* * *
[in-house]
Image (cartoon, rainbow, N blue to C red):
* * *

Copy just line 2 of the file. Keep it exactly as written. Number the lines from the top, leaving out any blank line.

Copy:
Image (cartoon, rainbow, N blue to C red):